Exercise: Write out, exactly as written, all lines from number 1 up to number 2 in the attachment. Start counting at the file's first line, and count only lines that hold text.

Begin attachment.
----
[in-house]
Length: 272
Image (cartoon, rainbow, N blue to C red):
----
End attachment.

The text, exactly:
[in-house]
Length: 272